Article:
Remember, Remember, Jetpack Compose

During the first Kotlinconf in 2017, I asked Google for some kind of declarative user interface (UI) framework for Android. Specifically, I approached Stephanie Cuthbertson and Yigit Boyar at that San Francisco conference. I told them I liked the idea of Anko Layouts, the defunct framework developed by the Kotlin team at Jetbrains, but it really needed a solution with first party support and first class execution.

I’m sure many Android developers asked for something similar, just as many had asked Google for first-party Kotlin support in Android before they announced it at Google I/O 2017.

Today, Jetpack Compose not only delivers on my original request. It goes far above and beyond it. It solves the fragmentation problem of many Android OS versions showing UI widgets with different appearances. It fixed the issues of writing complex Adapters with so many kinds of rows for RecyclerViews. It even promotes stateless, functional UI and unidirectional data flow.

We’ve been working full-time in Jetpack Compose for almost six months now on our new Meetup for Organizers app and we love it.

Why I can’t remember()

However, I would like to focus in this blog on one particular, easily misused part of Jetpack Compose… the remember() function.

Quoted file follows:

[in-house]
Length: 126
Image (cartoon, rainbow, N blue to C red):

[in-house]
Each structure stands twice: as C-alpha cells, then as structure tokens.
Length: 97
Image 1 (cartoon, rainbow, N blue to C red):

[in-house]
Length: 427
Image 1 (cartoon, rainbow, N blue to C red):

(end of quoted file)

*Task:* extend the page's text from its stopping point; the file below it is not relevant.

Here’s a TL;DR (too long; didn’t read) summary of what I’m about to write about the remember() function:

  1. remember() as little as possible. Just keep the exact pieces of data you really care about in Composable functions. The rest can be passed into your function.
  2. If you don’t want to lose state on rotation, use rememberSaveable(). Write a Saver only if necessary. @Parcelize can help.
  3. If the data is so large it could grow to hit a TransactionTooLargeException, you should persist that data and rememberSaveable() the keys instead.
  4. If you care about not losing data when the user leaves and returns to that screen, you should persist the data from the ViewModel and restore it when needed.

Ever since the beginning of Android development, memory and persistence has easily been one of the hardest challenges. Over the years, so many developers have had their apps break, crash, or forget data by screen rotation or by memory eviction. While Jetpack Compose is amazing, it doesn’t really eliminate these challenges.

One of the first tools Android developers learn when they start to explore Compose is the remember() function. And it’s likely one of the first they should forget. remember() has value when saving state in some notable circumstances, but it’s not great if your state is user input. I’ve seen very senior developers make basic errors when it comes to using remember().